January 18, 2000 | By: Mark Eclov
LEXINGTON, KY.

In spite of some late summer drought problems, many Kentucky storage bins are filled to capacity. Like any perishable commodity, grain crops need periodic care and maintenance.

How producers go about that grain storage process will affect the quality of the crop and the health and safety of the people working in and around the storage bins.

"Just remember the term SAM when dealing with grain storage," said Sam McNeill, Extension Agriculture Engineer in the University of Kentucky College of Agriculture based at the Research and Education Center in Princeton, KY.

The term refers to the three key elements in stored grain management that include Safety, Aeration and Monitoring.

"Safety is the foremost issue," said McNeill. "No grain crop is more valuable than a human life and a grain bin can be a dangerous place to work. Every once in a while someone gets caught in flowing grain and gets pulled below the surface with deadly consequences.

All workers need basic training on how to work in and around grain bins and these storage facilities should be regarded as a "keep out" zone for children.

" You should never enter a bin while unloading grain," added McNeill. "If a bin must be entered, the switch on the unloading auger needs to be locked out."

Workers always should be attached to a safety line with one or two workers stationed outside the bin to pull the individual to safety in the event of an emergency. All concerned need to understand entrapment and suffocation hazards.

"Stored grain is susceptible to insect and mold damage if it isn't properly aerated," said McNeill. "The key here is to keep the temperature of the grain in the center of the bin to within 10 degrees of the average grain temperature near the bin wall."

Running bin fans at least once per month should help moderate the temperature fluctuations during typical Kentucky winters. If producers can keep the temperatures inside the bins within the 10 to 15 degrees of the monthly average temperatures of a region, they can keep moisture problems to a minimum and reduce mold and insect activity.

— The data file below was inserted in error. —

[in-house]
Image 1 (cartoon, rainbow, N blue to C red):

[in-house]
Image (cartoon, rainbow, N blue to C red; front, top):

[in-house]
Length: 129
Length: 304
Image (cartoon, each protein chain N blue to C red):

"Once you get temperatures stabilized in the bin, it is wise to seal the fan with plastic or a tarp to block the air flow so that you don't have drafts moving through the grain through the fan opening," added McNeill.

Monitoring the grain every two to four weeks also is a good policy. Producers may want to step up their monitoring as they get further into spring.

"If you inspect every couple of weeks, you can stay ahead of anything that may develop," said McNeill. "If you inspect once a month, you might lose some grain in suspect areas of the bin."

Look for signs of spoilage under fill spouts, roof vents and along the wall. It is recommended to take several samples six to 12 inches below the grain surface to check for insect or mold activity. Use temperature cables if available.

Keeping the bin and surrounding area clean also can help maintain grain quality. Remove spilled grain from the ground around bins and unloading augers and mow all weeds with 10 feet of the storage bin.

"This keeps your bins from attracting additional insects and rodents," said McNeil. "You may want to consider fumigation if insects are found in stored grain next summer."

A more detailed review of the all elements of the SAM system, including tables on recommended temperature and moisture levels specifically geared for Kentucky, are listed in bulletin AEN-45 which is available from your local county Cooperative Extension Service office.

Contact: 

Sam McNeill 270-365-2667 Ext. 213